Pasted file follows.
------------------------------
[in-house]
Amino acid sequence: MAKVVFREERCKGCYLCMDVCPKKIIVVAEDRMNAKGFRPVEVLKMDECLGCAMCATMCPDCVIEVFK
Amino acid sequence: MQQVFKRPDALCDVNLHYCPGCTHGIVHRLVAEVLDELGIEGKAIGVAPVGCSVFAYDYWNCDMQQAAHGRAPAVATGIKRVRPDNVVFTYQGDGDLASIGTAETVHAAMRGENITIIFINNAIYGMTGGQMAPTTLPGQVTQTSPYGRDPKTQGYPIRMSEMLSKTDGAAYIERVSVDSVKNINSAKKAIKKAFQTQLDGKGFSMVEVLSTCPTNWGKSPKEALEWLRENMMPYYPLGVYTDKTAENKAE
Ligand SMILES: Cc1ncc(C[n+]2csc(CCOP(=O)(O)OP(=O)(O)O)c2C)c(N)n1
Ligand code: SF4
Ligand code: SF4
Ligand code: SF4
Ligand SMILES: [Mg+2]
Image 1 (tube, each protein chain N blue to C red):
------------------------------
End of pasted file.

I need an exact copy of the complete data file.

[in-house]
Amino acid sequence: MAKVVFREERCKGCYLCMDVCPKKIIVVAEDRMNAKGFRPVEVLKMDECLGCAMCATMCPDCVIEVFK
Amino acid sequence: MQQVFKRPDALCDVNLHYCPGCTHGIVHRLVAEVLDELGIEGKAIGVAPVGCSVFAYDYWNCDMQQAAHGRAPAVATGIKRVRPDNVVFTYQGDGDLASIGTAETVHAAMRGENITIIFINNAIYGMTGGQMAPTTLPGQVTQTSPYGRDPKTQGYPIRMSEMLSKTDGAAYIERVSVDSVKNINSAKKAIKKAFQTQLDGKGFSMVEVLSTCPTNWGKSPKEALEWLRENMMPYYPLGVYTDKTAENKAE
Ligand SMILES: Cc1ncc(C[n+]2csc(CCOP(=O)(O)OP(=O)(O)O)c2C)c(N)n1
Ligand code: SF4
Ligand code: SF4
Ligand code: SF4
Ligand SMILES: [Mg+2]
Image 1 (tube, each protein chain N blue to C red):